Toronto mayor: I bought illegal drugs

2013-11-14 10:33
Toronto Mayor Rob Ford (The Canadian Press/ AP)

Toronto Mayor Rob Ford (The Canadian Press/ AP)

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Toronto - Toronto Mayor Rob Ford has refused to step down despite admitting he bought illegal drugs while in office, prompting nearly every city councilor to call on him to take a leave of absence and get help.

The mayor made the admission under questioning by a former ally, Councillor Denzil Minnan-Wong. Ford publicly acknowledged last week that he smoked crack cocaine while in a "drunken stupor" last year, but his comments on Wednesday marked the first time he admitted buying illegal drugs.

"I'm most definitely keeping this job," the 44-year-old Ford said, insisting he was "a positive role model for kids".

Ford paused for a long time after Minnan-Wong asked him if he had bought illicit narcotics in the past two years.

Then he replied, "Yes I have".

"I understand the embarrassment that I have caused. I am humiliated by it," Ford said.

'Merely symbolic'

But he then turned defiant, saying he was not an addict and rebuffing suggestions from council members that he seek help.

"I am not leaving here," Ford said. "I'm going to sit here and going to attend every meeting."

Moments earlier, all but two of the 43 councillors present for the debate voted to accept an open letter asking Ford to step aside. Most of them also stood up to urge the mayor to take a leave of absence.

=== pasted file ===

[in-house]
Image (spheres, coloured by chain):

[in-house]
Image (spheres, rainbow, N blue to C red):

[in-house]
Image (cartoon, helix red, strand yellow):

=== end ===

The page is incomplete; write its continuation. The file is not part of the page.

Although it was a stark demonstration of his political isolation, the vote was merely symbolic because the City Council does not have the authority to force the mayor from office unless he is convicted of a crime.

"Together we stand to ask you to step aside and take a leave of absence," Councillor Jaye Robinson said, reading the open letter.

The packed council chamber erupted with applause when Robinson ended her speech, saying "Let's get on with city business".


Ford later tried to move a motion directing all council members to undergo "hair drug and alcohol testing" by 1 December, but the council chair quickly ruled the motion out of order.

Ford then suggested that many council members are on drugs and they all know stories about each other. But, he added, "I'm not a rat".

Outside City Hall, hundreds of protesters chanted "resign!" while organisers of Toronto's Santa Claus Parade asked that Ford not walk in the procession this year.

Ford's refusal to step down has confounded the City Council, where many members agree that his erratic behaviour, from public drunkenness to threatening to kill someone in a videotaped tirade has consumed Toronto's politics and undermined efforts to tackle other challenges.

But with no clear legal path to force him out, the Council is grasping for ways to shunt the larger-than-life leader aside and govern without him until next year's municipal elections.

The council voted 37-5 to ask Ford to take a leave of absence.

Deputy Mayor Norm Kelly, a Ford ally, announced shortly before the debate that he would support the motion, introduced by Minnan-Wong.

"I'm publicly advising the mayor to take some time," Kelly said.

Read more on:    rob ford  |  canada  |  narcotics

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